Tumor establishment and growth were monitored with bioluminescence imaging (BLI) using a Xenogen IVIS 200 system coupled with LivingImage software (Caliper Life Sciences). Luciferin (150 mg/kg; Caliper Life Sciences) was administered intraperitoneally 10 minutes before imaging. MR elastography was performed when the BLI photon flux reached a threshold value previously determined to represent a tumor of approximately 30 to 40 mm3, a volume considered of sufficient size to acquire MR elastography data but not large enough to cause neurologic effects in the mice. The average time from implantation to imaging was 18 days for the luc-U-87 MG and luc-MDA-MB-231 LM2-4 tumors, 22 days for the luc-RG2 tumors, and 45 days for the luc-D-212 MG glioblastomas.

GTML/Trp53KI/KI transgenic model of medulloblastoma.

The generation of the GTML/Trp53KI/KI mice has been reported previously (31). Mice were genotyped to detect the presence of human MYCN and Trp53 transgenes. Male and female mice were monitored twice weekly for the development of a BLI signal from the midbrain. MR elastography was performed when the photon flux reached a threshold value previously determined to represent a tumor of approximately 20 to 30 mm3.

Th-MYCN transgenic model of neuroblastoma.

Transgenic Th-MYCN mice were genotyped to detect the presence of the human MYCN transgene (27). Both male and female hemizygous mice were used, which spontaneously developed palpable abdominal tumors between 50 and 130 days with a 25% penetrance. Tumor progression was monitored weekly by palpation by an experienced technician until the tumor reached a diameter greater than ∼5 mm, at which point they underwent MR elastography.

Subcutaneous U87-MG xenografts.

Adult female NCr-Foxn1nu mice were injected subcutaneously in the flank with 2 × 106 luc-U-87 MG cells. Tumor development was monitored weekly by caliper measurements, and MR elastography performed when tumors reached a diameter of ∼7 mm.

Orthotopic models of breast and pancreatic cancer.

Human luc-MDA-MB-231 LM2-4 or BT-474 breast cancer cells (5 × 106) were injected into the third abdominal fat pad of adult female NCr-Foxn1nu mice [100 μL cell suspension in PBS and Matrigel (1:1)]. A 17β-estradiol pellet (60-day release; Innovative Research of America) was implanted in the neck nape 1 day before implantation of BT-474 cells. Tumor development was monitored weekly by caliper measurements, and MR elastography performed when tumors reached a diameter of ∼7 mm.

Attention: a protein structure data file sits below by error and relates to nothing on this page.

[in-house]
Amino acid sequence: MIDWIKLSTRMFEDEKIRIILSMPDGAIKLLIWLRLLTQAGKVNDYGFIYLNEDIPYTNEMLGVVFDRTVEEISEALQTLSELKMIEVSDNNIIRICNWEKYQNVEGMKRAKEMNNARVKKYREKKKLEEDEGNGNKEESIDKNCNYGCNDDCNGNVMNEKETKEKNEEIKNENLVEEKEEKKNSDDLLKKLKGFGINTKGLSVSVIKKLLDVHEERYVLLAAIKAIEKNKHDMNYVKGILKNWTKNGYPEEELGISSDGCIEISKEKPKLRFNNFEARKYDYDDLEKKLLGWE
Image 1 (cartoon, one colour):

For the orthotopic propagation of pancreatic cancer xenografts, a small incision was made on the left flank of adult female athymic CD1-Foxn1nu mice (Charles River) through the skin and peritoneum, the pancreas exteriorized, and human luc-Panc-1 [1 × 107 cells in suspension in PBS and Matrigel (1:1)] injected using a Hamilton syringe. The pancreas was then returned into the abdominal cavity and the incision sutured. Successful engraftment and tumor progression were confirmed using BLI, and MR elastography performed ∼90 days postimplantation.

Response to collagenase

Orthotopic parental MDA-MB-231 and BT-474 breast cancer xenografts were propagated as described previously. MR elastography was performed on established tumors 24 hours prior to and 5 hours after intravenous treatment with either collagenase (62 U/kg, bacterial collagenase from Clostridium histolyticum; Sigma-Aldrich) or saline.

MRI and MR elastography data acquisition and analysis

MRI was performed on a 7T horizontal bore MicroImaging system (Bruker) using a 3 cm birdcage volume coil. Tumor-bearing mice were anesthetized with a 10 mL/kg intraperitoneal injection of fentanyl citrate (0.315 mg/mL) plus fluanisone (10 mg/mL; Hypnorm; Janssen Pharmaceutical Ltd.), midazolam (5 mg/mL; Hypnovel; Roche), and sterile water (used at a ratio of 1:1:2). The mouse core temperature was maintained at 37°C with warm air blown through the magnet bore.

Anatomical T2-weighted images [using a rapid acquisition with refocused echoes (RARE) sequence, with TE = 36 milliseconds, TR = 4.5 seconds, RARE factor = 8, 40 contiguous 1-mm-thick transverse slices, 1 average, matrix size 128 × 128 over a 3 × 3 cm field of view (FOV)] were used to localize and determine the tumor volume, plan the MR elastography acquisition, and optimize the local field homogeneity over the region of interest (ROI) using the FASTMAP algorithm.

MR elastography was performed as described previously (18, 19). The mechanical vibrations, generated by an electromagnetic shaker (Brüel & Kjaer), were transmitted through a flexible nylon rod to either (i) a square piston with a concave curved face positioned on the mouse head for intracranial tumors, or directly on the skin over subcutaneous luc-U87 MG tumors and orthotopically propagated breast cancer xenografts, or (ii) a round flat-faced piston placed on the abdomen above a palpated tumor (Th-MYCN or orthotopic pancreatic tumor), all positioned within the volume coil at the isocenter of the magnetic field. MR elastography was performed using mechanical excitations at a vibration frequency of 1,000 Hz, exciting the shaker with a voltage that generated mechanical waves inside the tumor with amplitude greater than 0.5 μm. A 2D spin-echo sequence incorporating sinusoidal motion-sensitizing gradients synchronized to the mechanical excitation was used. Data were acquired in three orthogonal directions from 10 contiguous transverse slices (300 μm thick), using 2 averages of 64 phase encoding steps over a 1.92 × 1.92 cm FOV, with TE = 27 milliseconds, TR = 1001 milliseconds, and 8 time sampling steps, giving an isotropic spatial sampling of 300 × 300 × 300 μm of the mechanical wave propagation displacement inside the tumor. The total acquisition time was ∼ 51 minutes. Finally, high-resolution T2-weighted RARE images were acquired from the same 10 contiguous transverse slices (TE = 36 milliseconds, TR = 4.5 seconds, RARE factor = 8, 300 μm thick, 10 averages, matrix size 128 × 128 over a 1.92 × 1.92 cm FOV).